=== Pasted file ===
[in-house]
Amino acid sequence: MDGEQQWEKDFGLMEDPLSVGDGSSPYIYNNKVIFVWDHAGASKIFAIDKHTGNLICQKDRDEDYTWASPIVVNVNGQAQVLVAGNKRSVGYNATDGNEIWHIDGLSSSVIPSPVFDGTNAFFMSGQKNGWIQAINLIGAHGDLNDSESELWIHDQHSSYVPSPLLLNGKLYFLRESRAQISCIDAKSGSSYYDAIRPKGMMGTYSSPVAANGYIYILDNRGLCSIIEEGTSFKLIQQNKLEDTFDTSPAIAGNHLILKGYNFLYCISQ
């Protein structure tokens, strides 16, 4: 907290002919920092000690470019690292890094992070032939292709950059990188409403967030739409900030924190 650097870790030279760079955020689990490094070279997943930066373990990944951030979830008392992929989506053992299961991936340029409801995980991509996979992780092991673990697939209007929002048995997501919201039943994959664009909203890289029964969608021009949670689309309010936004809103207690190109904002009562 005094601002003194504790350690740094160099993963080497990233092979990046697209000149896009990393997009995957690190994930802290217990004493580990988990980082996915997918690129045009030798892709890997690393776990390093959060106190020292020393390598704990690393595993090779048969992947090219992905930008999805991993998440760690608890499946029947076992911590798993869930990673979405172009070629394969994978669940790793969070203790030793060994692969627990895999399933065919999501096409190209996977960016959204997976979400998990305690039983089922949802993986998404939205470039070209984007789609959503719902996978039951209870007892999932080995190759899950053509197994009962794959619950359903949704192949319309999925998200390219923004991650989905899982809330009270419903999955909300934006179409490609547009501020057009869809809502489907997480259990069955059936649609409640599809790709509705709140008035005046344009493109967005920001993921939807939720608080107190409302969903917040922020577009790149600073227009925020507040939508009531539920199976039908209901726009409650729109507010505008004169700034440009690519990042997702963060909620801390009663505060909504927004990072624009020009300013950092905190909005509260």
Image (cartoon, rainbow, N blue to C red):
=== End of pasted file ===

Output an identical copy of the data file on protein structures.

[in-house]
Amino acid sequence: MDGEQQWEKDFGLMEDPLSVGDGSSPYIYNNKVIFVWDHAGASKIFAIDKHTGNLICQKDRDEDYTWASPIVVNVNGQAQVLVAGNKRSVGYNATDGNEIWHIDGLSSSVIPSPVFDGTNAFFMSGQKNGWIQAINLIGAHGDLNDSESELWIHDQHSSYVPSPLLLNGKLYFLRESRAQISCIDAKSGSSYYDAIRPKGMMGTYSSPVAANGYIYILDNRGLCSIIEEGTSFKLIQQNKLEDTFDTSPAIAGNHLILKGYNFLYCISQ
């Protein structure tokens, strides 16, 4: 907290002919920092000690470019690292890094992070032939292709950059990188409403967030739409900030924190 650097870790030279760079955020689990490094070279997943930066373990990944951030979830008392992929989506053992299961991936340029409801995980991509996979992780092991673990697939209007929002048995997501919201039943994959664009909203890289029964969608021009949670689309309010936004809103207690190109904002009562 005094601002003194504790350690740094160099993963080497990233092979990046697209000149896009990393997009995957690190994930802290217990004493580990988990980082996915997918690129045009030798892709890997690393776990390093959060106190020292020393390598704990690393595993090779048969992947090219992905930008999805991993998440760690608890499946029947076992911590798993869930990673979405172009070629394969994978669940790793969070203790030793060994692969627990895999399933065919999501096409190209996977960016959204997976979400998990305690039983089922949802993986998404939205470039070209984007789609959503719902996978039951209870007892999932080995190759899950053509197994009962794959619950359903949704192949319309999925998200390219923004991650989905899982809330009270419903999955909300934006179409490609547009501020057009869809809502489907997480259990069955059936649609409640599809790709509705709140008035005046344009493109967005920001993921939807939720608080107190409302969903917040922020577009790149600073227009925020507040939508009531539920199976039908209901726009409650729109507010505008004169700034440009690519990042997702963060909620801390009663505060909504927004990072624009020009300013950092905190909005509260």
Image (cartoon, rainbow, N blue to C red):